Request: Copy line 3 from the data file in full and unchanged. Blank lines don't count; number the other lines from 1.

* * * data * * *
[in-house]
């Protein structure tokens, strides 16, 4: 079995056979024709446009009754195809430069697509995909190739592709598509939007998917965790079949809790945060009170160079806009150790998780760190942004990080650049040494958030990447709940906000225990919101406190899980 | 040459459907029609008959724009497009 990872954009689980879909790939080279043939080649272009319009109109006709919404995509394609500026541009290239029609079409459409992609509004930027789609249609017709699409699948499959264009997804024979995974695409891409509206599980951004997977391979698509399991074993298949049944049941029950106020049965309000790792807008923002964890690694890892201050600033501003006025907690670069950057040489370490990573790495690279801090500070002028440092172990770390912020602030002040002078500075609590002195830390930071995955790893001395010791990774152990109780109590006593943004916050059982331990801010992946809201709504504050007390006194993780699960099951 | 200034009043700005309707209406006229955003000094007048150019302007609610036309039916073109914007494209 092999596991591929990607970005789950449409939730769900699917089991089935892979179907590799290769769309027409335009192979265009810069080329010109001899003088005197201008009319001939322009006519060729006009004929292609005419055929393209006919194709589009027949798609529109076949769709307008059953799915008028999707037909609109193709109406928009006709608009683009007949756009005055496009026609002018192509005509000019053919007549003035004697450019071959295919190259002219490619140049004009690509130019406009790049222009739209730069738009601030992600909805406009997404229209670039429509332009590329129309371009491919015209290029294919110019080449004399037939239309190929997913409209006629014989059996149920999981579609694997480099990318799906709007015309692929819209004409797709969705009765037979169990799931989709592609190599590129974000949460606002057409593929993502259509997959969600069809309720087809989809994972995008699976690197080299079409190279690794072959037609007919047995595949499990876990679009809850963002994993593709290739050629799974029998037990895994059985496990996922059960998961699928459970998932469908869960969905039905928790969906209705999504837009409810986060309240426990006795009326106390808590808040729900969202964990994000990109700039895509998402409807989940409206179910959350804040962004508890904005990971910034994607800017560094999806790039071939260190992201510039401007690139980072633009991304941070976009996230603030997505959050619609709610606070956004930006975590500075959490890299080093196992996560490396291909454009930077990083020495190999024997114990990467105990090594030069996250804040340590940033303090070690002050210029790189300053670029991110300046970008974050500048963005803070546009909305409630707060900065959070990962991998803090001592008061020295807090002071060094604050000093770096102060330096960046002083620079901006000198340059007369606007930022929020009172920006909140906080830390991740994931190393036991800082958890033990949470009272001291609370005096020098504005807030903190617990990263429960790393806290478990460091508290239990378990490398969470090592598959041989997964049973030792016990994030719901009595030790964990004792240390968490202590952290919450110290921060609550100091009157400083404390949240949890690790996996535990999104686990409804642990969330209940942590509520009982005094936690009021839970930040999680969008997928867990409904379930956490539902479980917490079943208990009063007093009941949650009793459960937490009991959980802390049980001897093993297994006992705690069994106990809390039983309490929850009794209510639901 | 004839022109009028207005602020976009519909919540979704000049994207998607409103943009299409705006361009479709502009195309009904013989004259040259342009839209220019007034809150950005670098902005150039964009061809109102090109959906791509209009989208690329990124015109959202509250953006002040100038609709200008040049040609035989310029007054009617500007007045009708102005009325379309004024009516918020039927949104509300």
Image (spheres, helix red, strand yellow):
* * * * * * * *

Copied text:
Image (spheres, helix red, strand yellow):